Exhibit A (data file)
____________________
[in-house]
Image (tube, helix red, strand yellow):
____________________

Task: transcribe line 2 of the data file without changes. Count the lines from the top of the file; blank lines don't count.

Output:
Image (tube, helix red, strand yellow):